Economists have cited the sequential increase in merchandise imports in May, which led to a widening trade deficit to a five-month high, as a positive sign of a stable local economy in India. This article dives into the details of India’s merchandise import jump, exploring its implications and the factors contributing to the trend.
Merchandise Imports and Exports:
In May, India witnessed a significant jump in merchandise imports, with a 14.5% increase over the previous month, reaching a value of $57.1 billion. Meanwhile, exports experienced modest growth of 0.7% and amounted to $35 billion.
Trade Deficit and Domestic Demand Resilience:
The surge in merchandise imports resulted in a widening trade deficit of $22.1 billion in May, compared to $15.1 billion in the previous month. Economists view this as a positive indicator of domestic demand resilience in the country. Madhavi Arora, lead economist at Emkay Global, points out that the recovery in imports reflects the strength of domestic demand. She also highlights the seasonal trend of increased imports in May following a previous month’s slump.
Key Import Categories and Resilience in Domestic Demand:
Various import categories have shown significant growth, indicating resilience in domestic demand. Gold imports more than tripled to $3.7 billion, reaching the highest level since October. Oil imports increased by 3%, and core imports, excluding oil and gold, rose by 12.1%. Industrial goods like machine tools and consumer goods such as electronics also experienced robust growth.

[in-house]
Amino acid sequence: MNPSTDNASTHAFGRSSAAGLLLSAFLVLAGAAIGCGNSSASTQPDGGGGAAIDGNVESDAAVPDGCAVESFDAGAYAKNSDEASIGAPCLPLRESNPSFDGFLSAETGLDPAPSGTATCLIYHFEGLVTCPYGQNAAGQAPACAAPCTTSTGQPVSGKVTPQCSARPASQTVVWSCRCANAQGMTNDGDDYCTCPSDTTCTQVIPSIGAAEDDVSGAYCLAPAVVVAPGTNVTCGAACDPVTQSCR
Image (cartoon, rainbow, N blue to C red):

Importance of Fertilizer Imports:
Ahead of the Kharif sowing season, there has been a significant jump in fertilizer imports, signaling the importance of these imports for agricultural activities. Rahul Bajoria, chief India economist at Barclays, highlights the significance of fertilizer imports in supporting the agricultural sector.
Expectations for Current Account Deficit:
Despite the wider merchandise trade deficit in May, economists believe that it will not affect expectations of a manageable current account deficit for the financial year. Factors such as falling commodity prices, a growing services trade surplus, and rising remittances have contributed to the improvement in India’s external metrics. Bajoria notes that a slowing global economy suggests that commodity prices will trend lower on average compared to the previous year. Madhavi Arora predicts that the current account deficit will settle at 1.9% of the gross domestic product for the fiscal year ending March 31.
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Image Credits: Reuters
India’s recent surge in merchandise imports reflects a stable local economy with resilient domestic demand. The increase in various import categories, including gold, oil, and core imports, indicates the strength of India’s domestic consumption. While the wider trade deficit may raise some concerns, economists remain optimistic about India’s manageable current account deficit, thanks to factors such as falling commodity prices and a growing services trade surplus. To learn more about India’s economic landscape and its implications, click the link in our bio.
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